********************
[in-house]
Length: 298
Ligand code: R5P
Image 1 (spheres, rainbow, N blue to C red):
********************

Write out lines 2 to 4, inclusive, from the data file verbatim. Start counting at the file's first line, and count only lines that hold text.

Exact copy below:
Length: 298
Ligand code: R5P
Image 1 (spheres, rainbow, N blue to C red):